Maroney has plenty of guys to share the load with … Fred Taylor, Sammy Morris, Kevin Faulk and BenJarvus Green-Ellis. Lynch and Barber would probably like to be feature backs at this point and they wouldn't be in this committee. Both guys are tough and physical but I don't think either are substantial upgrades over what the Patriots have – just a continuation of the same. Now, if you'd rather have Lynch or Barber than one of the veterans because of age, then I'd agree in the long term. But as far as 2010 guys, I'm not sure either one of those guys improves the running game significantly. In fact, I like the contrast of Morris' power with Taylor's big-play ability to complement Maroney – assuming they can stay healthy.
Paul Perillo

I have been reading your forum every week for years. Can you please explain, how does the uncertainty in the upcoming league's labor contract affect the player's contract? For instance, if the players do not play - they do not get paid - right? Then what risk does the owner have in signing a player?Ted W.

Well that's a pretty tough question to answer considering the uncertainty of the labor situation. It's not about the players getting paid; it's about the rules that will be in place once the new CBA is agreed upon. The teams are reluctant to give big contracts today under one set of rules without knowing how a new set could potentially change the nature of that very same deal. In other words, how the cap is structured under the new system could make a team-friendly deal from today not so team friendly in 2011. It's not about the fear of a lockout costing owners tons in salary. It's about the fear of the dynamics of a deal changing in the future that has some owners concerned.
Paul Perillo

I realize the Logan Mankins situation has been addressed here but there are some questions that still remain. Does Tom Brady's contract affect Mankins' contract? Can we afford them both? Is this O-line significantly worse without him? What would his trade value be, and would there be teams willing to trade for him? In your opinion, would you trade him or pay him market value?Jesse M.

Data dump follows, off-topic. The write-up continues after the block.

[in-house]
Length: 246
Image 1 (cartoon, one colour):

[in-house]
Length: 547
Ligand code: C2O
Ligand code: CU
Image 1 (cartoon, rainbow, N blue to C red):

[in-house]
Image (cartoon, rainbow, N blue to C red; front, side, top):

There's nothing about the two contracts that affects the ability to sign either player. Teams have more than one player who deserve new deals and both deserve them in this case, and the Patriots can afford both. In my opinion the offensive line is significantly worse without Mankins but that could change depending on how some of the young players progress. For example, if Dan Connolly, Rich Ohrnberger, Ted Larsen or Ryan Wendell develops quickly any one of those players could step in and replace Mankins. Obviously the coaches know how close those guys are to being able to step into the starting lineup, and that would help make any decision about trading Mankins a lot easier. I wouldn't deal him right now but I wouldn't give him any huge extension at this point either. Market value for a top guard has grown immeasurably in recent years and I don't think the cost is worth it for the position – but that's just my opinion. Teams are paying guards $50 million deals regularly nowadays and I wouldn't be willing to do that. I'd let Mankins play as a restricted free agent, try to re-sign him for reasonable dollars and if unsuccessful I'd let him walk. I think he's a terrific player but I feel a guard can be more easily replaced for a cheaper price.
Paul Perillo